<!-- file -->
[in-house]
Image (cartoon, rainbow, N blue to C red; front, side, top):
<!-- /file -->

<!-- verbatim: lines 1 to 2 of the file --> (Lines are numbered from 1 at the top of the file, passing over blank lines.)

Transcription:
[in-house]
Image (cartoon, rainbow, N blue to C red; front, side, top):